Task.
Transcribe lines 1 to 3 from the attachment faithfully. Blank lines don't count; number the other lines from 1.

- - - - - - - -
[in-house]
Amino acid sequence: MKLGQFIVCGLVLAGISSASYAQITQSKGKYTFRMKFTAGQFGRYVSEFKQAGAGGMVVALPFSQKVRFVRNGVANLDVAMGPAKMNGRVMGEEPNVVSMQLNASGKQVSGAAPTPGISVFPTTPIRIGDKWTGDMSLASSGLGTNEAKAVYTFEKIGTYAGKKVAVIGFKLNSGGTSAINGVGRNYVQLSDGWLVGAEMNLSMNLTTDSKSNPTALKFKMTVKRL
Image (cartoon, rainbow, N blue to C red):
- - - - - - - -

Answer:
[in-house]
Amino acid sequence: MKLGQFIVCGLVLAGISSASYAQITQSKGKYTFRMKFTAGQFGRYVSEFKQAGAGGMVVALPFSQKVRFVRNGVANLDVAMGPAKMNGRVMGEEPNVVSMQLNASGKQVSGAAPTPGISVFPTTPIRIGDKWTGDMSLASSGLGTNEAKAVYTFEKIGTYAGKKVAVIGFKLNSGGTSAINGVGRNYVQLSDGWLVGAEMNLSMNLTTDSKSNPTALKFKMTVKRL
Image (cartoon, rainbow, N blue to C red):